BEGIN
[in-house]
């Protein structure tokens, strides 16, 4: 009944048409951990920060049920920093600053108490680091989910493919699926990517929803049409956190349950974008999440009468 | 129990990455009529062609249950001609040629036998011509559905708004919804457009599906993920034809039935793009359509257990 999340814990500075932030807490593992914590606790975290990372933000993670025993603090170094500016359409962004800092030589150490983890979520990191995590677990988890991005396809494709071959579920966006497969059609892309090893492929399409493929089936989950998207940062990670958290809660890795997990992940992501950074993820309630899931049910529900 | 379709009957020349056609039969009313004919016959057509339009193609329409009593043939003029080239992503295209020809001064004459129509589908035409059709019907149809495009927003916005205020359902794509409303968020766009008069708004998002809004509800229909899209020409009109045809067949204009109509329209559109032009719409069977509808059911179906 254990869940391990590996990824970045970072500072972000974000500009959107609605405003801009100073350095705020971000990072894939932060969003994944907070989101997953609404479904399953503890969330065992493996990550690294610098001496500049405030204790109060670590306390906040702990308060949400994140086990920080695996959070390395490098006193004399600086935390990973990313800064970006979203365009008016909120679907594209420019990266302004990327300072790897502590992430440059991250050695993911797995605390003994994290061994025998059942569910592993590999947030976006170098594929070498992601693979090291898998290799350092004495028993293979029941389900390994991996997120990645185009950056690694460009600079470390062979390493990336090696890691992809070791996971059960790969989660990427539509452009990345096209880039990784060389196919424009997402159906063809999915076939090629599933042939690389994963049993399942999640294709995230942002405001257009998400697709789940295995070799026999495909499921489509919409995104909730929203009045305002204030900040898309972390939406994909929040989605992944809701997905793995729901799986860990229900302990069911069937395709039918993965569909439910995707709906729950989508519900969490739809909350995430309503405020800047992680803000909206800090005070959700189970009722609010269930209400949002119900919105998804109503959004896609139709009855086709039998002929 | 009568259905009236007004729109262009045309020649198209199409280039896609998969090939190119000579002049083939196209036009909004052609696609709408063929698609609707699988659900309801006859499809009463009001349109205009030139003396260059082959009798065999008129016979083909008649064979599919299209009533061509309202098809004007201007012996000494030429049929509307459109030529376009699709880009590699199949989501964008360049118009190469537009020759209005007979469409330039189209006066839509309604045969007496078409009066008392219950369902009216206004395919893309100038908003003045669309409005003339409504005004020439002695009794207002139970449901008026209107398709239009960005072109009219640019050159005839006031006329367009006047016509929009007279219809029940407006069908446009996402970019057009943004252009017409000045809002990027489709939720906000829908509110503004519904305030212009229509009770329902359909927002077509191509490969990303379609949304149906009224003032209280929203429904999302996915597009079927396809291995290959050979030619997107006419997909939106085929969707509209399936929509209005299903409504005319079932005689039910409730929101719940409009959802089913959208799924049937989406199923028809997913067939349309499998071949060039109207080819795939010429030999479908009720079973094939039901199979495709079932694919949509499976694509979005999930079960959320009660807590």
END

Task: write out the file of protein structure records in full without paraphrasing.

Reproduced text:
[in-house]
């Protein structure tokens, strides 16, 4: 009944048409951990920060049920920093600053108490680091989910493919699926990517929803049409956190349950974008999440009468 | 129990990455009529062609249950001609040629036998011509559905708004919804457009599906993920034809039935793009359509257990 999340814990500075932030807490593992914590606790975290990372933000993670025993603090170094500016359409962004800092030589150490983890979520990191995590677990988890991005396809494709071959579920966006497969059609892309090893492929399409493929089936989950998207940062990670958290809660890795997990992940992501950074993820309630899931049910529900 | 379709009957020349056609039969009313004919016959057509339009193609329409009593043939003029080239992503295209020809001064004459129509589908035409059709019907149809495009927003916005205020359902794509409303968020766009008069708004998002809004509800229909899209020409009109045809067949204009109509329209559109032009719409069977509808059911179906 254990869940391990590996990824970045970072500072972000974000500009959107609605405003801009100073350095705020971000990072894939932060969003994944907070989101997953609404479904399953503890969330065992493996990550690294610098001496500049405030204790109060670590306390906040702990308060949400994140086990920080695996959070390395490098006193004399600086935390990973990313800064970006979203365009008016909120679907594209420019990266302004990327300072790897502590992430440059991250050695993911797995605390003994994290061994025998059942569910592993590999947030976006170098594929070498992601693979090291898998290799350092004495028993293979029941389900390994991996997120990645185009950056690694460009600079470390062979390493990336090696890691992809070791996971059960790969989660990427539509452009990345096209880039990784060389196919424009997402159906063809999915076939090629599933042939690389994963049993399942999640294709995230942002405001257009998400697709789940295995070799026999495909499921489509919409995104909730929203009045305002204030900040898309972390939406994909929040989605992944809701997905793995729901799986860990229900302990069911069937395709039918993965569909439910995707709906729950989508519900969490739809909350995430309503405020800047992680803000909206800090005070959700189970009722609010269930209400949002119900919105998804109503959004896609139709009855086709039998002929 | 009568259905009236007004729109262009045309020649198209199409280039896609998969090939190119000579002049083939196209036009909004052609696609709408063929698609609707699988659900309801006859499809009463009001349109205009030139003396260059082959009798065999008129016979083909008649064979599919299209009533061509309202098809004007201007012996000494030429049929509307459109030529376009699709880009590699199949989501964008360049118009190469537009020759209005007979469409330039189209006066839509309604045969007496078409009066008392219950369902009216206004395919893309100038908003003045669309409005003339409504005004020439002695009794207002139970449901008026209107398709239009960005072109009219640019050159005839006031006329367009006047016509929009007279219809029940407006069908446009996402970019057009943004252009017409000045809002990027489709939720906000829908509110503004519904305030212009229509009770329902359909927002077509191509490969990303379609949304149906009224003032209280929203429904999302996915597009079927396809291995290959050979030619997107006419997909939106085929969707509209399936929509209005299903409504005319079932005689039910409730929101719940409009959802089913959208799924049937989406199923028809997913067939349309499998071949060039109207080819795939010429030999479908009720079973094939039901199979495709079932694919949509499976694509979005999930079960959320009660807590």